Tooth decay is the most common chronic childhood disease, so it’s important to teach your child early about the importance of maintaining good oral health, especially during candy-focused holidays like Halloween, the winter holidays, Valentine’s Day and Easter. Not only does untreated tooth decay cause pain, it may also lead to infections that affect eating, speaking, and overall wellbeing. Fortunately, tooth decay and other oral diseases are preventable. Hatch Dental in Blackfoot is a general family dentist who is happy to answer questions about all your dental needs.
• Bring your child to his or her dentist for regular checkups.
• Protect your child’s teeth with fluoride.
• Talk to your dentist about dental sealants. Sealants protect teeth from decay and have the potential to nearly eliminate tooth decay in school-age children when used in combination with fluoride.
Teach Your Children These To-Do’s
• Make taking care of teeth fun! Let your child pick out their own toothbrush or perhaps make teeth brushing a family affair. It’s always fun to brush the tongue!• Brush teeth 2 times each day for 2 minutes
• Use a pea-sized dab of fluoride toothpaste
• Spit and don’t swallow
• Angle toothbrush against gums
• Brush back and forth, gently, in short strokes
• Brush the front, back, and top of teeth
• Brush tongue to remove germs and freshen breath
• Have your child floss daily to remove plaque from between the teeth and under the gum line, before it can harden into tartar.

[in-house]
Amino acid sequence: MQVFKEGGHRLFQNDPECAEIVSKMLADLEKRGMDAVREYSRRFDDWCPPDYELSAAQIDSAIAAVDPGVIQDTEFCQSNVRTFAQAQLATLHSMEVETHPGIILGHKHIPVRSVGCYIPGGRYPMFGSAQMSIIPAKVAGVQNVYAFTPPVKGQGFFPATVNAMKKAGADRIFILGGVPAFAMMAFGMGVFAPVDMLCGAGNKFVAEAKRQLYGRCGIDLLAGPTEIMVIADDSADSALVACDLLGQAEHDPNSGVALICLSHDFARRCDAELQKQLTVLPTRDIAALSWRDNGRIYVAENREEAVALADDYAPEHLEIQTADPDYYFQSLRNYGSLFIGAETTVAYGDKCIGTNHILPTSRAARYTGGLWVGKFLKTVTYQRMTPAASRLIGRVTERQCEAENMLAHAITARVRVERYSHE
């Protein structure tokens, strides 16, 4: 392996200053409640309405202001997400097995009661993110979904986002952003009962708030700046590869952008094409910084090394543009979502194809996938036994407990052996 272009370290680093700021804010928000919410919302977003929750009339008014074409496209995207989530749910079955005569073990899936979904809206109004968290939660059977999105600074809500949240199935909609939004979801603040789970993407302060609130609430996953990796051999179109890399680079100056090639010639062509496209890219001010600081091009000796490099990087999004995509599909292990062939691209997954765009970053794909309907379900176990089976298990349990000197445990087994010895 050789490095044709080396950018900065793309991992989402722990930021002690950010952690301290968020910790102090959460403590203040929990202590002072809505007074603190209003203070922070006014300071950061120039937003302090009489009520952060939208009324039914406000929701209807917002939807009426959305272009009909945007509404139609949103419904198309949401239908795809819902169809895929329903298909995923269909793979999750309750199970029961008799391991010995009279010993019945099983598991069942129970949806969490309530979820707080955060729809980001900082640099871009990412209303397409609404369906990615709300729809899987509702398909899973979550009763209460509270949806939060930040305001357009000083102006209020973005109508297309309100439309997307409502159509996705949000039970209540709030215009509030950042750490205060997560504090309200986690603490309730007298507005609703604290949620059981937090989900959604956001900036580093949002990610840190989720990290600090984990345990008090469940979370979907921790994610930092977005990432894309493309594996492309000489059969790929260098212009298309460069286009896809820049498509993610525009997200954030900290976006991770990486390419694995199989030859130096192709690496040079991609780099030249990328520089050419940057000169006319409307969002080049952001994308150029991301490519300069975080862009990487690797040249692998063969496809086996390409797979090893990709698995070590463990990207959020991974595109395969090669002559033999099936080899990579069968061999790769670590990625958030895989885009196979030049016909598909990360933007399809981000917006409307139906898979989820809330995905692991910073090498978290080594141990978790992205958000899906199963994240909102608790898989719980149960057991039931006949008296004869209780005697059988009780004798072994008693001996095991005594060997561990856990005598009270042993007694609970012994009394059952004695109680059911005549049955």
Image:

Kids will generally need help with brushing until age six or seven. Beginning around age 4, begin flossing for your child. By the time they reach age 8, most kids can begin flossing for themselves.
A Few Facts
• Kids should use a soft toothbrush with a shape that will allow them to reach all areas of their mouth.
• Plaque is a sticky film of germs that forms on teeth and gums after eating. Plaque that’s not removed by brushing twice a day and flossing once a day can lead to cavities.
• Taking good care of your own teeth sends a message that oral health is something to be valued.
• A balanced diet is necessary for your child to develop strong, decay-resistant teeth.
• Discourage frequent snacking between meals, especially sugary foods. The sugars and starches found in many foods and snacks like cookies, candy, and soft drinks attack the tooth enamel and may lead to cavities.
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Tooth decay is incredibly common, but largely preventable through good oral hygiene. Changes to diet, regular visits to your dentist, and brushing and flossing regularly can prevent tooth decay and cavities. But what causes tooth decay to begin with, and what changes may be necessary to prevent further decay?
What is Tooth Decay?
Our teeth are made up of minerals, and tooth decay occurs when plaque builds up and acids in our saliva attack the hard surfaces of our teeth, resulting in mineral loss. The foods we eat and beverages we consume largely affects the acid levels in our mouth, as does the time of day we are consuming these items.